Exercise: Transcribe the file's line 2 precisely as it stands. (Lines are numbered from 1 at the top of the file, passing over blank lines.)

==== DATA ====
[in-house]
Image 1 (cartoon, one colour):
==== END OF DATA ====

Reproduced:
Image 1 (cartoon, one colour):